A number of years ago I decided it would be fun to have a look at some of the classic horror novels from the 1980s: something by Stephen King, a Dean Koontz novel, a taste of Clive Barker and, of course, a novel by Peter Straub. Ghost Story was published in 1979, and I was adhering strictly to the idea of an Eighties horror rewatch, so I went with Shadowland, which was less overtly horrific, in many ways. It was, though, the first Straub book I read.
Here’s a snippet of the essay:
Shadowland isn’t metafiction, either, but it skirts its furthest border, containing stories within stories: fairy tales that turn into guest appearances by the Brothers Grimm, creepy parables offered by the Carson School teachers to the traumatized student body, numerous references to the story of Jesus, and a long narrative Coleman Collins calls his “unburdening,” about how he discovered the magic within himand made it monstrousduring his days as a doctor in the First World War. The novel’s frame story, where Tom reveals his past to his writer classmate, thus becomes a parallel unburdening, a necessary part, perhaps, of the true magician’s life cycle.
It has been a few years since I reviewed Hild, by Nicola Griffith, for the simple reason that it’s been a few years since it came out. But as gift-giving season breathes down (some of) our collective necks, I offer this: if you do December giftage and are trying to figure out what to get a beloved fan of historical novels, someone who’s going absolutely mad waiting for Hilary Mantel’s third Cromwell novel, this is exactly the ticket. If you are that person… you’ll have a completely wonderful distraction, at least until you’re left dividing your time between pining for two sequels–the next Hild book is on my OMG, OMG, when, when? list, for sure!–instead of one.
Here’s a snip of my review:
One of the intriguing elements of Hild’s character is her refusal to accept what seem to be obvious limits. From earliest childhood, she seeks to gather strength to herself, offsetting her tactical deficits. The greatest deficit, of course, is her sex. Despite her obvious utility as an advisor, she is still female and still, therefore, a marriageable property. Her sister is married for political reasons when Hild is young, driving the point home. Losing her plunges Hild into another, very difficult, battle, against loneliness. Who is fit company for a seer? Who might she ever take as a lover or a husband?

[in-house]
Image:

And here’s the cover:
Early this year I reviewed a Patricia McKillip novel, Kingfisher, a contemporary other-world fantasy with kings, knights, princesses, jousting, water-priestesses… and also social media, foodie culture, and cell phones.
It had been a long while since I read a McKillip book and I thought it was time I looked in on what she’d been writing lately. Here’s a snip of what I found in this book:
Patricia McKillip’s Kingfisher is a beautifully inventive novel, one that is genuinely effective in combining a world with medieval pageantry and honor-driven knights on the quest with the age of haute-cuisine trends, celebrity chefs, and the selfie. The idea of folding modern foodie culture into this story is inspired, as is everything about Stillwater’s restaurant. So cursed! So cool! So many fantasy novels feature the lowly kitchen waif as part of their stories at one point or another. A book that is all about cooking and cooks meshes with that in witty and surprising ways.
Here’s the cover:
I am so pleased to announce the finalized line-up for Heiresses of Russ 2016, from Lethe Press, edited by Steve Berman and myself. This is my editorial debut and it’s the sixth, I believe in the HoR series. As the Lethe Press site says, Heiresses of Russ reprints the prior year’s best lesbian-themed short works of the fantastical, the otherworldly, the strange and wondrous under one cover.